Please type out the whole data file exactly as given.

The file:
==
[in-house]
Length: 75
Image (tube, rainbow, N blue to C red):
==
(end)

[in-house]
Length: 75
Image (tube, rainbow, N blue to C red):